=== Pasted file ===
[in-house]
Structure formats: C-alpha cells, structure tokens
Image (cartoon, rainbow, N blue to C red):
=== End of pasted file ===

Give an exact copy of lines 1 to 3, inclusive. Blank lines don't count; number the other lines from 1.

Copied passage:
[in-house]
Structure formats: C-alpha cells, structure tokens
Image (cartoon, rainbow, N blue to C red):